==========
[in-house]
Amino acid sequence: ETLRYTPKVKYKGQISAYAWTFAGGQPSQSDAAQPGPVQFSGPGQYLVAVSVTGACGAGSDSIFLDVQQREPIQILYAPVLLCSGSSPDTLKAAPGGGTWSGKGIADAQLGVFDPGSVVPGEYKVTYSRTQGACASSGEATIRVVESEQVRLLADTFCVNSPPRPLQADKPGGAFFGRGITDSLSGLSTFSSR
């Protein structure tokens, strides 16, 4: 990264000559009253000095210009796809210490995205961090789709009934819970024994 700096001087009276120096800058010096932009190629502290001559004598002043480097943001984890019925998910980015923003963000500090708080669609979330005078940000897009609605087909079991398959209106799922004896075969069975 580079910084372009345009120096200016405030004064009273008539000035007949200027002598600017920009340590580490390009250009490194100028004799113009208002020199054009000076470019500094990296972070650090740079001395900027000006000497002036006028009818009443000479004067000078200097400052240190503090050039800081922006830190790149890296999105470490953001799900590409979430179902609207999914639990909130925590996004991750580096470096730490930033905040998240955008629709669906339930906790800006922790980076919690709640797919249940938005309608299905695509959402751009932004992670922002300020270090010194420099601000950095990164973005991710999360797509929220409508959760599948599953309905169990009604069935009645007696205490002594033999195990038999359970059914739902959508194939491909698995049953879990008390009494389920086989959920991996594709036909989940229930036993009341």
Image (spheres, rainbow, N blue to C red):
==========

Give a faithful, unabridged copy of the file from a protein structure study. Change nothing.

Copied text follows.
[in-house]
Amino acid sequence: ETLRYTPKVKYKGQISAYAWTFAGGQPSQSDAAQPGPVQFSGPGQYLVAVSVTGACGAGSDSIFLDVQQREPIQILYAPVLLCSGSSPDTLKAAPGGGTWSGKGIADAQLGVFDPGSVVPGEYKVTYSRTQGACASSGEATIRVVESEQVRLLADTFCVNSPPRPLQADKPGGAFFGRGITDSLSGLSTFSSR
């Protein structure tokens, strides 16, 4: 990264000559009253000095210009796809210490995205961090789709009934819970024994 700096001087009276120096800058010096932009190629502290001559004598002043480097943001984890019925998910980015923003963000500090708080669609979330005078940000897009609605087909079991398959209106799922004896075969069975 580079910084372009345009120096200016405030004064009273008539000035007949200027002598600017920009340590580490390009250009490194100028004799113009208002020199054009000076470019500094990296972070650090740079001395900027000006000497002036006028009818009443000479004067000078200097400052240190503090050039800081922006830190790149890296999105470490953001799900590409979430179902609207999914639990909130925590996004991750580096470096730490930033905040998240955008629709669906339930906790800006922790980076919690709640797919249940938005309608299905695509959402751009932004992670922002300020270090010194420099601000950095990164973005991710999360797509929220409508959760599948599953309905169990009604069935009645007696205490002594033999195990038999359970059914739902959508194939491909698995049953879990008390009494389920086989959920991996594709036909989940229930036993009341």
Image (spheres, rainbow, N blue to C red):